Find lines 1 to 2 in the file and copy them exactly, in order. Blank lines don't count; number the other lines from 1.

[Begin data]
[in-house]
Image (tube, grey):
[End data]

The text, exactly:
[in-house]
Image (tube, grey):